Trustees: Ryan proposal still too dense

Board wants development with fewer than 200 units, IDOT’s OK for turn lane on Adams

Before the Hinsdale Village Board will refer Ryan Companies’ plan for a senior living facility on Ogden Avenue to the village’s plan commission, density and traffic concerns will have to be addressed.

That’s the message trustees sent to Dave Erickson, Ryan Companies’ vice president of real estate development, after listening Tuesday night to Erickson outline the third and latest version of a proposal to redevelop almost 33 acres at Ogden and Adams Street owned by the Institute of Basic Life Principles.

Ryan Companies presented its first plan for a 330,000-square foot, 262-unit complex to the village board in January of 2020. A revised concept went to the plan commission in June of last year, but the company temporarily suspended its request in July. The firm was back before the village board with a new iteration last September but withdrew it in October after residents and trustees offered strong objections.

“Over the last 19 months, we have been listening and adjusting and listening and adjusting,” Erickson said.

The number of total units has been reduced from 267 to 245, and the main building is now 40,000 square feet smaller, he said. Changing the building’s orientation has provided greater setbacks along Ogden Avenue, increasing them from 50 feet to 114 feet and even 181 feet in some areas.

“The view from Ogden Avenue — it’s going to appear much smaller,” he said.

The new plan also calls for a 12-acre park with 10 public parking spaces and a pedestrian path along Adams Street.

“If and when something gets developed to the north, we’d provide that pedestrian connection to the space,” Erickson said.

The developer would like to add a left turn lane on Adams for drivers looking to exit the property and head east on Ogden Avenue.

“We’ll work with IDOT to get that approved,” Erickson said.

The company will waive the facility’s membership fee for the first year for Hinsdale residents, saving them $4,000 to $15,000, he said. He also pointed to an internship partnership with Hinsdale High School District 86 as another benefit of the development. The $100 million private investment in the village will provide $20 million in property tax revenue over the next 20 years to District 86 and Community Consolidated Elementary District 181 without generating any additional students.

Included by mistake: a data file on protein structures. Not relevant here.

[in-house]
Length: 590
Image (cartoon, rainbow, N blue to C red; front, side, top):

“We are proud to present this plan,” he said. “We feel like it has improved significantly since the fall. We feel like it is respectful to the neighbors.

“We respectfully ask for your referral to the plan commission,” he added. “We would really like to get in the process and get to the plan commission and that public hearing.”

Village President Tom Cauley was the first to respond, saying he supports a senior living facility as an appropriate use of the site. But the 6- to 8-percent reduction in density is not enough.

“I was thinking something like a 30- to 40-percent reduction,” he said. “I do think it’s just too dense.”

The left-turn lane is a critical part of the plan, he said, indicating he would like to see IDOT agree to the lane before the village would approve the development.

“I just don’t think we punt on it and say, ‘I hope it works out,’ ” he said.

When asked about allowing ingress and egress only off Ogden, Erickson said Ryan Companies asked IDOT about the possibility.

“They don’t want additional curb cuts there,” he said.

Other village board members agreed they support the concept of a senior living facility at the site. Trustee Michelle Fischer said it would be nice to be able to transition a parent from independent to assisted living to memory care in town, if necessary.

“I think there’s just some nuances we have to figure out, especially traffic,” she said.

Residents who attended the meeting — many of whom stood with protest signs outside village hall before it began — were not happy with the revised proposal, either.

Eric Missil, a resident of Chval Drive in Oak Brook, said the building will be three times the size of a Home Depot or Lowe’s.

“That’s nuts,” he said. “We don’t want a building that big.”

Robert Ludwig, who lives on Bonnie Brae in Hinsdale, said the property is a treasure to the western suburbs and encouraged trustees to think of its best possible use.

“I don’t have the solution but I know there are alternatives,” he said.

Trustees are scheduled to vote on whether to refer the project to the plan commission at their Aug. 10 meeting.

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Pamela Lannom is editor of The Hinsdalean